old flames.


At no point during my trip to Kiruna did I figure out how to take pictures that really captured the light. Saying that it was dark in Kiruna would be sort of true, but sort of missing the point: when there’s snow, the seven hours of each day that see the sun above the horizon stretch much further, and they often turn pink. Instead of being lit by the sun, the land is lit by its snow. And on the city’s longer trail systems, that is what you are skiing through: an open landscape, to a large extent, and vistas with miles and miles of snow.

My first day in Kiruna was actually one of the brightest, little did I know at the time. But it certainly contributed to my immediate delight as soon as I clipped into my skis: I was on snow! Skiing! I remember that in past years, the first time on skis was awkward. Coming from rollerskis, the snow is an unfamiliar surface for you to slip and slide on. But this time, it felt completely right. I was onto the tracks and off on an adventure. Sometimes when you don’t do something for a long time, you wonder if you really do love it or whether you’re making up stories in your head. In this case, no stories: I really, really love skiing. There’s a reason, and this is it.











One of the first loops I tried was called the Midnattsolstigan, or Midnight Sun trail. Okay, so it was the wrong time of year for the midnight sun, but it was a lovely trail, looping through some old mined-out hills and swooping down into a valley with expansive views of the whole region. As I skied there one day, a snowshoe hare scampered along in front of me, almost impossible to pick out against the white background.

Another long loop was called the Jägerspåret, or Hunter’s Track. It reminded me a little bit of Green Woodlands in the way that it climbed hills, then dropped down to tour around bogs. The seventeen kilometers were in various states of grooming, and I encountered everyone you could imagine from the Swedish skiing public on that trail: people the age of my grandparents in stretched-out lycra and windbreakers, a fourteen-year-old boy skating, a guy my age who strided past with perfect classic technique, middle-aged men and women out for their daily loop.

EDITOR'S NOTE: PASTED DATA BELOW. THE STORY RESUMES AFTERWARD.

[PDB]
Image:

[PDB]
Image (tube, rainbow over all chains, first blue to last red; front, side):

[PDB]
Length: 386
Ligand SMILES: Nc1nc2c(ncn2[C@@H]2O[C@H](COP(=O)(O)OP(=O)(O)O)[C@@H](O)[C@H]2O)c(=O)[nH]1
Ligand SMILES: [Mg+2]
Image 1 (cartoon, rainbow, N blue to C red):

But perhaps the most fun I had was in the evenings. Kiruna used to host World Cup races; Bente Skari, Vincent Vittoz, Kristina Smigun, and Bjørn Dæhlie all won there. The first kilometer of skiing lulled me into a sense of security: no wonder they don’t race here any more, I thought. This is easy. But then the trails cut down, under a bridge, to the bottom of the hill and climbed back up it, then all the way to the top of the height of land, then dropped down again, swooping around turns and climbing though scrubby conifers. It was harder than I had thought – and it was a lot of fun, to ski on trails where you could really carry speed.

And, of course, they were lighted. How else would you ski in Kiruna in the winter? Because the World Cup trails are closest to the city center, whereas the longer loops extend into the hinterland, they are the most easily managed. And to be bombing through the darkness on those hills and twists and turns was even more exhilarating than usual. Those skis were some of the best, the ones where I really remembered: this really is the greatest thing, ever.

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